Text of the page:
A Canadian woman has decided to return one of the artifacts stolen from Pompeii in 2005 in hopes of ridding herself and her family of the “curse” that has allegedly bothered her ever since.
The woman, who identified herself only as “Nicole” in a letter with stolen items, claims she was “young and stupid” at the time and wanted “a piece of history that nobody could . ” But after suffering two bouts of cancer and financial difficulties, she no longer wants anything to do with him.
“I just want to remove the curse that has been inflicted on me and my family,” she wrote in a letter to a Pompey-area travel agency, who in turn shared it with the local police, according to Il Messagero of Italy did.
“Please accept these artifacts so that you do the right thing for the mistake I made. I am sorry, one day I will return to your beautiful country to apologize personally, ”said Nicole.
Tourism finally came to know about the history of His Majesty.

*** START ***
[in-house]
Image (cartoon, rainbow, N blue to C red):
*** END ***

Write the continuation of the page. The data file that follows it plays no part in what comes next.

Items she was involved in were two mosaic tiles, two pieces of amphora juices, and a wall piece.
Nicole further claimed that she had some friends who stole additional artifacts during her 2005 trip – Alastain and Kimberly – and she urged them to return the goods. Police later confirmed that a second letter, with more artifacts, actually came from Canada, according to CTV News of Canada, with a letter signed by Alastain and Kimberly Gee.
Click here to sign UP for our spouse.
Both expressed remorse and apologized for their actions. He also wished that lost souls in Pompeii would be able to “rest in peace”, the outlet reported.
A representative from Pompeii’s Archeological Park further confirmed to CTV News that officers often receive packages from people who feel remorse after taking household items found in the ruins.
Follow us on Facebook for more real-life news
Pompeii’s Archaeological Park reopened to tourists in May 2020 after closing months earlier amid the outbreak of the coronavirus epidemic.
In 1997, the ruins along the archaeological areas of Herculaneum and Torre Annujata, a UNESCO World Heritage Site, were demolished after undergoing a $ 113 million renovation just before the coronovirus epidemic.